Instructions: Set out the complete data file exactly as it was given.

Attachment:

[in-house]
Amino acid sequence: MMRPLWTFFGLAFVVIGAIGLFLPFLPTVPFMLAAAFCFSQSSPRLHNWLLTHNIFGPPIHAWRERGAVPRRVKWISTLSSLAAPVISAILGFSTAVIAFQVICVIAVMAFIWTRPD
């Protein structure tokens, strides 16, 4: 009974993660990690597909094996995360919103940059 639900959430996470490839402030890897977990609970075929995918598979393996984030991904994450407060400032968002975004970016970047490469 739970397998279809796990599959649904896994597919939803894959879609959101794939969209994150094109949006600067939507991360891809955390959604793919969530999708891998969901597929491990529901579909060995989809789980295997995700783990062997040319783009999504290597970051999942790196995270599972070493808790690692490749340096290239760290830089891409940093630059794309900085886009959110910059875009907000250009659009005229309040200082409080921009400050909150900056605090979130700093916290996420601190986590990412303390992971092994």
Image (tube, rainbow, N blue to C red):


[in-house]
Amino acid sequence: MMRPLWTFFGLAFVVIGAIGLFLPFLPTVPFMLAAAFCFSQSSPRLHNWLLTHNIFGPPIHAWRERGAVPRRVKWISTLSSLAAPVISAILGFSTAVIAFQVICVIAVMAFIWTRPD
């Protein structure tokens, strides 16, 4: 009974993660990690597909094996995360919103940059 639900959430996470490839402030890897977990609970075929995918598979393996984030991904994450407060400032968002975004970016970047490469 739970397998279809796990599959649904896994597919939803894959879609959101794939969209994150094109949006600067939507991360891809955390959604793919969530999708891998969901597929491990529901579909060995989809789980295997995700783990062997040319783009999504290597970051999942790196995270599972070493808790690692490749340096290239760290830089891409940093630059794309900085886009959110910059875009907000250009659009005229309040200082409080921009400050909150900056605090979130700093916290996420601190986590990412303390992971092994």
Image (tube, rainbow, N blue to C red):